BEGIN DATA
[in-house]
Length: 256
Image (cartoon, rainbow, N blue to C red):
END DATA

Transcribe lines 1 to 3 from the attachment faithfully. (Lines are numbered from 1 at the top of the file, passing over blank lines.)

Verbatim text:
[in-house]
Length: 256
Image (cartoon, rainbow, N blue to C red):